United States: Campus Safety Bill Fails to Compel Schools to Comply with Vice President’s Call to Address Sexual Assault
Tuesday, May 22, 2012 12:35 PM

A bill called the Campus Sexual Violence Elimination (SaVE) Act does little to compel schools to comply with a call from Vice President Biden to enforce the provisions in Title IX to deal "promptly," "equitably" and "effectively" with campus-based reports of violence "based on sex." Several universities and colleges including Harvard Law School and Princeton have been resisting Biden’s "Dear Colleagues" letter. One particularly contentious point was the standard of evidence schools are supposed to apply when responding to allegations of sexual assault. The Office for Civil Rights, which enforces Title IX, has ruled that a “preponderance of evidence” standard (about 51 percent proof) should be applied to violence “based on sex” just as it is to violence based on race, religion, and ethnicity. However, some schools continue to use the more stringent “clear and convincing” standard (about 75 percent proof) for sexual assault.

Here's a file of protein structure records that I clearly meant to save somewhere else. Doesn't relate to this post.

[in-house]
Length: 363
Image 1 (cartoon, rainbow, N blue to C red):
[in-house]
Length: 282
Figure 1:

Initially draft language of the SaVE Act required schools to use the preponderance of evidence standard but that language was quickly removed, giving schools opposing the provisions in Title IX more ammunition. “The preponderance standard is crucial to the fair and equal treatment of women because it avoids the presumption, inherent in a higher standard of proof, that the word of a victim is always less weighty than the denial of an offender” explains Wendy Murphy, a WeNews contributing editor and professor at New England Law Boston. Moreover, the SaVE Act undermines Biden’s letter and the “promptness” mandate in Title IX by allowing schools to delay the "final determination" of a sexual assault complaint for years, until the eve of graduation.